Momentum Investing

Written by True Tamplin, BSc, CEPF®

Reviewed by Subject Matter Experts

Updated on November 29, 2023

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What Is Momentum Investing?

Momentum investing is an investment strategy that seeks to capitalize on the continuance of existing market trends by buying securities with strong recent performance and selling those with poor performance.

This approach is based on the belief that assets that have performed well in the past are likely to continue doing so in the future, while underperforming assets may continue to struggle.

The underlying premise of momentum investing is that market trends, once established, tend to persist due to factors such as investor psychology, herding behavior, and information dissemination.

By identifying and investing in assets that exhibit strong price momentum, investors can generate higher returns than passive investment strategies.

The benefits of momentum investing include the potential for outperformance, the ability to capitalize on market inefficiencies, and the opportunity to profit from market trends.

However, this approach also has drawbacks, such as the risk of sudden trend reversals, higher trading costs, and increased volatility and drawdowns.

Key Concepts in Momentum Investing

Relative Strength

Relative strength is a key concept in momentum investing, as it measures the price performance of an asset relative to its peers or the broader market. Investors can use relative strength rankings to identify assets with strong momentum and allocate capital accordingly.

Moving Averages

Moving averages are commonly used in momentum investing to identify trends and generate buy or sell signals.

By analyzing the relationship between an asset's current price and its moving average, investors can determine whether the asset is in an uptrend or downtrend and make investment decisions accordingly.

Price Breakouts and Trendlines

Price breakouts and trendlines are technical analysis tools used by momentum investors to identify potential entry and exit points for trades.

Breakouts occur when an asset's price moves above a resistance level or below a support level, indicating a potential continuation or reversal of the current trend.

Time Horizons and Holding Periods

Momentum investing strategies can be applied across various time horizons and holding periods, ranging from short-term (days to weeks), medium-term (weeks to months), and long-term (months to years).

The choice of time horizon will depend on the investor's objectives, risk tolerance, and trading style.

Key Concepts in Momentum Investing

Momentum Investing Strategies

Sector Rotation Strategy

The sector rotation strategy involves moving capital between sectors of the economy based on their relative strength and market trends.

This approach aims to capitalize on the cyclical nature of various industries and the tendency for certain sectors to outperform others during different stages of the economic cycle.

Dual Momentum Strategy

Dual momentum investing combines the concepts of absolute momentum (performance of an asset relative to its own historical returns) and relative momentum (performance of an asset relative to other assets) to identify investment opportunities.

This approach seeks to invest in assets that exhibit both strong absolute and relative performance, potentially leading to higher returns and reduced risk.

Cross-Asset Momentum Strategy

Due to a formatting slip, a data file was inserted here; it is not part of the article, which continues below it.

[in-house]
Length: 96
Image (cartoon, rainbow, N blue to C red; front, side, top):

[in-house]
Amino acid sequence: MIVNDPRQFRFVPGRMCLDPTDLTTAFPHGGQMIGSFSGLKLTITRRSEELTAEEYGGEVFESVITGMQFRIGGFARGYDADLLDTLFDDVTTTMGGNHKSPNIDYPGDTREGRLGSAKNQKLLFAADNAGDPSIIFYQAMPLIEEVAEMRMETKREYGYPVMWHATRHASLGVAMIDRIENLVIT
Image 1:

Cross-asset momentum strategies involve investing in multiple asset classes (e.g., equities, bonds, commodities) based on their price momentum. By diversifying across various asset classes, investors can potentially reduce portfolio risk and enhance returns.

Trend-Following Strategy

Trend-following strategies aim to capitalize on established market trends by buying assets in uptrends and selling assets in downtrends.

This approach typically involves the use of technical indicators, such as moving averages and trendlines, to identify trends and generate buy or sell signals.

Momentum Investing

Factors Influencing Momentum Returns

Market Sentiment and Psychology

Market sentiment and investor psychology play a crucial role in the success of momentum investing strategies. Positive sentiment can drive asset prices higher, while negative sentiment can cause prices to fall.

By understanding and assessing market sentiment, momentum investors can better anticipate trend continuations or reversals.

Market Liquidity and Trading Volume

Market liquidity and trading volume can impact the effectiveness of momentum investing strategies. High liquidity and trading volume can facilitate the execution of trades and reduce transaction costs.

In contrast, low liquidity and trading volume can lead to increased trading costs and the risk of price slippage.

Economic Cycles and Market Regimes

Economic cycles and market regimes can influence the performance of momentum investing strategies.

Momentum strategies tend to perform well during periods of economic expansion and strong market trends but may underperform during periods of economic contraction or range-bound markets.

Risk Appetite and Investor Behavior

Investor risk appetite and behavior can also affect momentum returns. During periods of increased risk appetite, investors may be more inclined to pursue momentum strategies, driving up the prices of high-momentum assets.

Conversely, during periods of risk aversion, momentum strategies may underperform as investors seek safety in more conservative investments.

Performance and Risk Characteristics of Momentum Investing

Historical Performance of Momentum Strategies

Momentum strategies have historically delivered strong returns and outperformed passive investment approaches across various markets and asset classes.

However, the performance of momentum strategies can be cyclical and may be influenced by factors such as market sentiment, economic conditions, and investor risk appetite.

Risk-Adjusted Returns

Momentum investing strategies can potentially deliver attractive risk-adjusted returns by capitalizing on market trends and exploiting inefficiencies.

However, these strategies may also be subject to increased volatility and drawdowns, particularly during periods of market stress or sudden trend reversals.

Drawdowns and Recovery Periods

Momentum investing strategies can experience significant drawdowns during periods of market turbulence or trend reversals.